Superior Court of California, Appellate Division, Ventura
THE PEOPLE OF THE STATE OF CALIFORNIA, Plaintiff and Respondent,
DAVID EDWARD LISCOTTI Defendant and Appellant
Pub. Order 2/5/13, opn. received from app. div. 8/30/13
APPEAL from a judgment from the trial court in the Superior Court of Ventura County, Case Number 2010043342 Honorable Ryan Wright, Judge.
Caroline Sommers, Deputy District Attorney from the Office of the District Attorney, for Plaintiff and Respondent.
Ken Hamilton, Deputy Public Defender from the Office of the Public Defender for the Defendant and Appellant.
BY THE COURT:[*]
STATEMENT OF CASE
On March 6, 2012, Appellant agreed to a court trial on charges that he possessed a ‘billy’ in violation of Penal Code Section 12020(a)(1), now renumbered Penal Code Section 22210. The prosecution submitted on police reports and exhibits, both of which are contained in the record on appeal. Appellant testified at the trial and claimed that he possessed the ‘billy’ in anticipated ‘self defense.’ He admitted to altering the baseball bat by wrapping it in nylon, boring a hole in the center of the bat, and placing a metal bolt in the core of the bat. Appellant had used the billy once before in a, “Private one-on-one.” At the conclusion of the trial, Appellant asked the Honorable Judge Ryan Wright to declare Penal Code Section 12020(a)(1) unconstitutional. Judge Wright requested briefing on the matter and on March 20, 2012, declared that the Second Amendment of the United States Constitution did not apply to the weapon involved in Appellant’s case. Judge Wright further declined to rule the statute unconstitutional.
GROUNDS ON APPEAL
Is possession of a billy, of this nature, protected by the Second Amendment of the United States Constitution, and, if so, is Penal Code Section 12020(a)(1) unconstitutional as a result?
IS POSSESSION OF A BILLY PROTECTED BY THE SECOND AMENDMENT OF THE UNITED STATES CONSTITUION?
The Second Amendment “Confers an individual right to keep and bear arms, at least for the core purpose of allowing law-abiding citizens to ‘use arms in defense of hearth and home.” District of Colombia v. Heller (2008) 554, U.S. 570 128 S.Ct. 2783, 2821. The right is not absolute or unlimited. It does not extend to all types of weapons and is only extended to types of weapons ‘typically possessed by law-abiding citizens for lawful purposes.’ Heller, supra, at 2814. There is a historical exception to the right to bear arms reflecting a prohibition of the right to carry ‘dangerous and unusual’ weapons. Heller, supra, at 2817. “…The Heller court recognized that the right to bear arms in self defense, like most constitutional rights, is not unlimited. (cites omitted.) ‘The right is [is] not a right to keep and carry any weapon whatsoever in any manner whatsoever and for whatever purpose.’ ” People v. Mitchell (2012) 209 Cal.App.4th 1364, 1373. There have been longstanding prohibitions imposed upon rights under the Second Amendment, including limitations on which people have the right to bear arms and restrictions upon locations where they may be possessed. Likewise, the Heller court made it clear that laws regulating possession of dangerous and unusual weapons are not constitutionally suspect because weapons that fall in to this category are not protected by the Second Amendment. United States v. Marzzarella (2010) 614 F.3d 85, 91.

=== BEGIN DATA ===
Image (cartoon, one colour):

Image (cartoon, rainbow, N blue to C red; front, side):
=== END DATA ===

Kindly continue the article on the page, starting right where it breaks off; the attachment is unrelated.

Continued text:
Weapons that are dangerous and unusual are those weapons that are not, “…Typically possessed by law-abiding citizens for lawful purposes.” Heller, supra at 2816. In order to be classified as a weapon that is normally possessed by a law abiding person, for legitimate purposes, there needs to be some showing, factually, that the possession or use of the weapon, “…Has some reasonable relationship to the preservation or efficiency of a well regulated militia.” United States v. Miller (1939) 307 U.S. 174, 178 (Transportation of a shotgun with a barrel less than 18 inches in length.) Although counsel argues in his appellant’s brief that weapons such as these have been carried since the beginning of time, no evidence was introduced to that effect at the trial on this matter. Judicial notice of an important fact needs some substantiation based on evidence presented at a trial. (As an aside, historically, it appears to this court that billys, as used by the cavemen, were used primarily for hunting and for defense against animals, not as weapons for self defense against other cavemen. Or, if they were used against other cavemen, it was probably an escalation in use of force to gain an advantage, which would now ...